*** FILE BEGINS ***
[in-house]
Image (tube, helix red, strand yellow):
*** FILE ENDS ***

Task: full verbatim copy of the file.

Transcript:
[in-house]
Image (tube, helix red, strand yellow):